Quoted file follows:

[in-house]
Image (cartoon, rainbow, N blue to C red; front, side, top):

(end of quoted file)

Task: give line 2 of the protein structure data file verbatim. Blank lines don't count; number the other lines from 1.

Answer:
Image (cartoon, rainbow, N blue to C red; front, side, top):